Nullus in verba is Latin for “take nobody’s word for it” and is the motto of the the Royal Society of London. Founded in 1660, the Royal Society seeks to advance science under the concept that the only true facts are those that can be proven through experimentation.
Nullus in verba is akin to Missouri’s “Show Me” motto. It is basic skepticism, the mind set that nothing should be accepted as fact that is not able to be verified or cannot be corroborated or substantiated by reliable sources.
A healthy skepticism has served me well in business and in life, kept me out of some dubious deals.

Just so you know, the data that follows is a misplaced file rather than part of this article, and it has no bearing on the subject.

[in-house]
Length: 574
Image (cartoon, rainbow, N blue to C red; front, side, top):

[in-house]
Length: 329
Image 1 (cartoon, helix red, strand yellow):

“The skeptic does not mean him who doubts, but him who investigates or researches, as opposed to him who asserts and thinks that he has found.” — Miguel de Unamuno, Spanish author, philosopher; 1864-1936
“Skepticism is the chastity of the intellect, and it is shameful to surrender it too soon or to the first comer.” — George Santayana, Spanish born American philosopher, poet; 1863-1952
“Skepticism: the mark and even the pose of the educated mind.” — John Dewey